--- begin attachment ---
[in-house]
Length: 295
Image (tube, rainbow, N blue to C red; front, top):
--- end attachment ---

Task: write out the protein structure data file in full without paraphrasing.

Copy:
[in-house]
Length: 295
Image (tube, rainbow, N blue to C red; front, top):